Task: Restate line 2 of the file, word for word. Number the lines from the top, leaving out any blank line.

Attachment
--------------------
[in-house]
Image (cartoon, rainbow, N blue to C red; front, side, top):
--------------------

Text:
Image (cartoon, rainbow, N blue to C red; front, side, top):